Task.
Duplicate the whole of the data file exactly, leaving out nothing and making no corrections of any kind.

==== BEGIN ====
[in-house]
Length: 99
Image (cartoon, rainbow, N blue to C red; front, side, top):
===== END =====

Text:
[in-house]
Length: 99
Image (cartoon, rainbow, N blue to C red; front, side, top):